NEW YORK (360Dx) – British Prime Minister Theresa May in November promised to spend £2 billion (US $2.5 billion) a year by 2020 on scientific research and development within the UK, raising hope of increased funding among UK organizations developing technologies such as in vitro diagnostics.
Executives at London-based DNA Electronics (DNAe), a company developing semiconductor DNA analysis technology, are hopeful that funding will be allocated not just for early-stage research, but also for the later-stage development of promising research projects into commercial products.
"Historically, there has been this gap in funding products to get to commercial success," Steve Allen, CEO of DNAe, said in an interview. "There's also a long-lamented tradition of Britain doing great research, but leaving it to US investors and companies to step in and take an innovative technology over the line and provide the funds needed."
UK government funding is certainly vital for early-stage, pure research, he said. "Unfortunately, that does not get you across the line and get a commercial product to market," but well-structured UK government funding for commercial development could be one way to reverse that trend, he added.
Recent regulatory and legislative developments in the US may also translate to more funding for US diagnostics companies, Quanterix Executive Chairman and CEO Kevin Hrusovsky said.
In one of those developments, the US Food and Drug Administration in November said that it had decided to delay finalizing its draft guidance on regulating lab-developed tests, adding that it realizes "just how important it is that we continue to work with stakeholders, our new Administration, and Congress to get our approach right."
In addition, the US Senate passed the 21st Century Cures Act, a $6.3 billion bill that would give $4.8 billion over 10 years to National Institutes of Health programs, and provide $500 million to the FDA, while altering some of the agency's drug and medical device approval policies. It also seeks to broadly define the roles of the US Department of Health and Human Services Secretary and the US Food and Drug Administration to advance precision medicine. The secretary would be required to provide and update guidance and information to assist those practicing precision medicine.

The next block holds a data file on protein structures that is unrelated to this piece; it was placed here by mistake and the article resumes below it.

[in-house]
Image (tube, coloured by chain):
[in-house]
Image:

In a section related to "FDA advancement of precision medicine," for example, the bill calls for periodically updating guidance to assist sponsors in the development of a precision drug or biological product.
The passing of the bill could lead to more expedited drug approvals that would provide an incentive for VCs and give them return ratios that would allow them to put higher volumes of funds into development of companion diagnostics, Hrusovsky said.
Greater levels of investment for development projects could materialize if improved regulation triggers a significant shift in the timeline and investment required to bring a diagnostic to market, he added.
The US government plays a vital role in R&D expenditure for early-stage diagnostics innovation, but the risk profile is so high at that stage of investment that VCs would normally not provide investment, he said. However, less regulation could encourage VCs to invest even earlier in the R&D cycle, "if a project shows a clear track to profitability," he added.
Navigating the valley of death
Many innovative ideas disappear into the infamous valley of death, a timeline that begins when a startup receives capital and ends when it begins generating revenue. New companies are faced with operating costs necessary to start generating sales at a time when there are no sales, and the level of market need is sometimes uncertain.
Most inventions perish before reaching the marketplace, for "lack of a large and growing market, a strong value proposition and business plan, or sufficient resources," noted the former president of SRI Ventures, Norman Winarsky, in an article for the Harvard Business Review, while writing about his firm's development of Siri for the Apple iPhone.
The phenomenon underscores the importance of adequate funding for development work.
"The strategic imperative is to try to get money into startups through grants, and that's a worthy goal, but it can have unintended consequences," Allen said.
Government funding for pure research has worked quite well in the UK and throughout Europe, and there's been a deep focus on linking academia with commercial companies, and often creating consortia involving several organizations, Allen said.